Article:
Gene Clark remembered: “Genius and insanity hand in hand…”

The Byrd and solo artist's ups and downs

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“For whatever level of acceptance he had going in the commercial market, Gene was a star,” asserts Roger McGuinn. Still, nothing quite worked out for Gene Clark once he left The Byrds. If his genius, his poetic songcraft, had sometimes been obscured by the cluster of talents within the band, the pressure of a solo career caused him difficulties, too.


“I think he may have been someone who was really scared to death of being a solo guy,” suggests guitarist Stephen Bruton, who befriended Clark in later years. “He had the ego where he wanted to be a solo guy, but he was really full of doubt.”

Nevertheless, he tentatively had a go. In a 1966 interview profiling the Gene Clark Group, the frontman hinted at a revolutionary future: “In the short time we’ve been together, we’ve worked up a lot of material. It’s kind of a strange sound. We’re working on some things, which are a mixture of country, western, and blues combined.”

In 1966, the short-lived Gene Clark Group – featuring Chip Douglas, Joel Larson and Bill Rhinehart – began a summer residency at LA’s Whisky A Go-Go. Though the image proffered by Sid Griffin of “young Doc Hollidays wearing Bolo ties, playing poppy C&W” is intriguing, Clark’s new material sailed right over the audience’s heads.


All the same, back-to-the-roots country influences were creeping into the West Coast. David Jackson, of country/rock pioneers Hearts & Flowers and later a Clark collaborator, was among the scene’s central players: “You’d go to somebody’s house after a gig and sit around and play until three or four in the morning, maybe pass a joint, drink a beer – but that wasn’t the reason everybody was there. The guitars would come out. It was a give and take, like, ‘Let’s do this one.’ As opposed to ‘Let’s make it sound like a cross between Hendrix and Merle Haggard.'”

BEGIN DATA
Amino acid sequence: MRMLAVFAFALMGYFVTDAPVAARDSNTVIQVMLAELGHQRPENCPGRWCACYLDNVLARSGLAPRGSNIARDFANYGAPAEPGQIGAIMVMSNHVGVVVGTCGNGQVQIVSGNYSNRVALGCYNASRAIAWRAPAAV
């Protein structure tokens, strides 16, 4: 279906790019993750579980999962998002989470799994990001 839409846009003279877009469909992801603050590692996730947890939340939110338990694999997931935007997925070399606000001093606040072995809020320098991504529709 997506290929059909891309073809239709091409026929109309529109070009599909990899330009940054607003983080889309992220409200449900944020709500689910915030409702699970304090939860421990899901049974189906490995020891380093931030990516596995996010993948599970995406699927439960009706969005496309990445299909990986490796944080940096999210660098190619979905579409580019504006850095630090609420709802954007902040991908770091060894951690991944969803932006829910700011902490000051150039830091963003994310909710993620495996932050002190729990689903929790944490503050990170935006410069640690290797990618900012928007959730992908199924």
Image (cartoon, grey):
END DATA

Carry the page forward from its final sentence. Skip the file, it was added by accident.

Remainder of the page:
Clark’s first attempts to fuse country and rock came when he teamed up with banjoist Douglas Dillard and guitarist Clarence White (ironically, a future Byrd) for 196??’s Gene Clark With The Gosdin Brothers. Clark, a Midwestern farmboy turned pop aristocrat, hardly threw himself full force into the world of steel guitars and Nudie suits, but in among the baroque/pop brilliance of “Echoes” and Rubber Soul-isms of “I Found You” are several twangy nuggets – “Tried So Hard” and “Keep on Pushin'” – that became the seeds of country rock.

“We were all just a little bit ahead of our time,” reflected Clark in 1972, when a revamped version of the album was released. “No country-rock sold well until after 1969. The public was still more ready for ‘Marrakesh Express.'”

“Gene was a country boy,” says McGuinn. “He had a love for that kind of music. I could see that country streak, although he was enamoured of The Beatles.”

With Clarence White in tow, Clark played a few gigs around LA. One lucky soul – WHO IS THIS? – who witnessed a rare appearance at the Ash Grove recalls: “The entire night was three-part harmonies, and it knocked me out. It was also the first time I’d ever seen Clarence with a Telecaster. Prior to that, he’d simply been that amazing flatpicker from the Kentucky Colonels, who played straight bluegrass. They did some Everly Brothers stuff that was stunning.”

Coincidence or synchronicity, LA was soon crawling with longhaired roots-rockers. Gram Parsons’ International Submarine Band arrived from New York. The Nitty Gritty Dirt Band, the Stone Poneys, not to mention Michael Nesmith and Gary Paxton’s stable of insurgent country hopefuls, were gathering steam.

Clark, meanwhile, was rapidly working his way through bandmates and abandoning endless album. Eventually, he and Doug Dillard (just back from a touring stint with, yes, The Byrds) hooked up with future Eagle Bernie Leadon and David Jackson of Hearts & Flowers. Calling themselves the Dillard & Clark Expedition, they sought to mix up country, folk, rock and, especially, bluegrass.